Oxford and Cambridge universities are unique in British further education in that they can often provide two-to-one or even one-on-one supplementary teaching in college on top of lecture studies. These ‘supervisors’ assign essays for us to write and once they have read them, we sit down and discuss the topic in a more guided and in-depth manner than we can within the confines of the given question.
Once that business is out of the way, it is not particularly strange for a conversation about parking techniques or hats as statements of personality to arise. Cambridge teaching focuses on the stretching of the mind away from institutionalized, fixed syllabuses. It is steeped in tradition, but remarkably forward thinking and for an irrepressible enthusiast about the whole idea of learning, it is the perfect place.
On top of the mechanisms of learning described above, there are the odd Cambridge quirks, which inform every tourist’s dream view of the place that ever visited.
Yes, we wear funny black gowns around in the evenings. Yes, we have a Michelin-starred chef serve us dinner at teensy prices six nights a week if we so wish. Yes, we have people who barge into our rooms at 9 a.m. ready with a Hoover and bin-liners to clean our rooms and make our beds. Yes, we have porters who charge in on parties over 12 people in size.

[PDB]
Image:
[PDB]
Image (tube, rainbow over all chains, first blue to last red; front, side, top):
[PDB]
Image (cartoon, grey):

And yes, we are complete twits. But why the surprise? We love it here, and everyone is so open-minded and ready to learn – not only from the academics but also from each other.
Do we spend every waking hour in the library?
No. This is a common misconception among my friends from home. It is not true. Admittedly, sometimes we get locked in at 2 a.m. and have to be rescued by a nice porter (read pseudo-security guard, but older and more stuffy and traditional).